"IRV never leaves a "spoiler" candidate for the second-place candidate to blame." That is objectively false. In the example cited above, the Republican candidate was a spoiler. He was a loser and if he had not run and voter voted the same way for the remaining candidates, the winner of the IRV election would be the Democrat, not the Progressive.

"Using ranked preference ballots, any number of candidates can run without "spoiling" being a factor." Not so. Particularly if IRV is the method of tabulating the ranked preference ballots. It's a bit better for Condorcet, but not even always true in that case. Nonetheless, to make that unqualified statement inside the IRV article is a laughable error. It just is not true and voting method scholars have known that for decades.

It's very irresponsible for such factual errors to be published in this article, especially without qualification. What is this? A Fairvote.org website? 64.222.90.194 (talk) 05:20, 1 March 2011 (UTC)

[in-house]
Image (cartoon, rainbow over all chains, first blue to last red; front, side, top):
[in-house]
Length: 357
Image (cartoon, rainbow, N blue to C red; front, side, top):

citation needed for united states: berkeley, san leandro[edit]

under "united states" (table of contents)the article states citation is needed to verify that AV voting has taken place in berkeley and san leandro, california. both cities are in alameda county, as is oakland, (which does not carry the citation needed notation.) alameda county instituted AV ( IRV ) in all its area at the same time. counties govern all voting procedures in california, not individual municipalities. ( I.e., Alameda County Registrar of Voters.) berkeley and san leandro did indeed begin using IRV, and there are more towns and cities in that county not listed in the article which did the same, as well as all unincorporated areas of that county. contact state of california, secretary of state, for complete list of IRV voting instituted in the state so far. —Preceding unsigned comment added by 75.75.65.155 (talk) 17:48, 5 March 2011 (UTC)

UK Conservative Party Leadership Elections[edit]